The book of Nahum is not a popular Old Testament and the author is not one of the Major Prophets because the book is very short in length—only three (3) chapters. However, there is a powerful message that can build our confidence in the character and power of God. Nahum predicts and describes Nineveh’s fall. Nineveh was the capital of Assyria, a powerful empire during ancient times. The Assyrians were cruel and ruthless enemies of God’s people. But Nahum said:
“The Lord is slow to get angry, but his power is great, and he never lets the guilty go unpunished. He displays his power in the whirlwind and the storm. The billowing clouds are the dust beneath his feet.” -Nahum 1:3
Few people can stare into the face of such raw power as that of the Assyrian empire and come away unimpressed. Nahum did so only because he had seen a far greater power—the power of a God whose wrath could shatter rocks. If God was angry, how could Nineveh stand? Nahum’s absolute confidence in God is underlined throughout his book. Nahum sounds unintimidated, almost lordly. He spoke with confidence because he knew God’s character.1
Like Nahum, there’s a sense of boldness and unintimidating confidence when you know a far greater power—the power of a God that spoke the Universe into existence, which we marvel at to this day. Yet, this same powerful God is a loving Father who delights in caring for us and obligates Himself to protect and provide for His people…those who trust and obey Him as their Lord and Savior.
Those who are confident in God’s power and love are not intimidated by others who parade themselves as equal in power to the only living and true God of the Universe. So, like Nahum, we can speak with confidence because we know God’s character.
Too often we fret over the guilty—those who take advantage of others—exploitation, extortion, and oppression. Too often we give up and retreat disheartened by the pain caused when the guilty go free. Too often we compromise our values and succumb to the influence of those guilty of promoting immorality, hatred and injustice. Too often we are guilty of being entertained by the slanderous remarks about those trying to enhance the quality of life for the poor and disadvantaged. Too often we are guilty of joining forces with those who devise plans to set themselves up as the great powers that be—do not fret over the guilty, neither be afraid. Trust in the Lord and do good; so shall you dwell in the land, and feed on His faithfulness.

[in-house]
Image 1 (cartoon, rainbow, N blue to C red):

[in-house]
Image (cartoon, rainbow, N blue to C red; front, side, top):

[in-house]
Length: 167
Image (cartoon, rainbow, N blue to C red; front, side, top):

Remember, the LORD is slow to anger and great in power; the LORD will not leave the guilty unpunished. Therefore, make sure you’re not among the “guilty.”
More important, if you find yourself among the guilty, there’s a way out. Jesus Christ. He died on the Cross among the “guilty” although He was innocent. He was crucified with the guilty so that everyone could be declared “not guilty” although we all deserve the penalty of sin. Yet, God’s love is so incomprehensible that He made it as easy as ABC for us…. Admit/Acknowledge your guilt (I am a sinner). Believe in your heart that His Son, Jesus Christ died for our sin, and that He rose from the dead. Confess (declare) with thanksgiving by faith He is your Savior and Lord by asking Him to come into heart, take control of your life and change you from the inside out. It’s that simple to start your journey to learn more about God and become confident in His character just as Nahum. As a result, you won’t have to fret over the guilty.
1NIV Student Bible Journal